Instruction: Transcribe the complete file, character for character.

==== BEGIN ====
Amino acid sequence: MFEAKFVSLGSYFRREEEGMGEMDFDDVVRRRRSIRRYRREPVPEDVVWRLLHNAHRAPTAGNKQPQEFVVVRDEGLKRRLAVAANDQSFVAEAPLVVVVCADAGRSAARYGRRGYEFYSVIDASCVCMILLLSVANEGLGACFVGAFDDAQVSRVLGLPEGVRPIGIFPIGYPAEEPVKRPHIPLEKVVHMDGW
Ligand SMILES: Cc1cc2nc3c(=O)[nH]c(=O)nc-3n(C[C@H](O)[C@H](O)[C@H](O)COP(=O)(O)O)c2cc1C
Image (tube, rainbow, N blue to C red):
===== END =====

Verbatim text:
Amino acid sequence: MFEAKFVSLGSYFRREEEGMGEMDFDDVVRRRRSIRRYRREPVPEDVVWRLLHNAHRAPTAGNKQPQEFVVVRDEGLKRRLAVAANDQSFVAEAPLVVVVCADAGRSAARYGRRGYEFYSVIDASCVCMILLLSVANEGLGACFVGAFDDAQVSRVLGLPEGVRPIGIFPIGYPAEEPVKRPHIPLEKVVHMDGW
Ligand SMILES: Cc1cc2nc3c(=O)[nH]c(=O)nc-3n(C[C@H](O)[C@H](O)[C@H](O)COP(=O)(O)O)c2cc1C
Image (tube, rainbow, N blue to C red):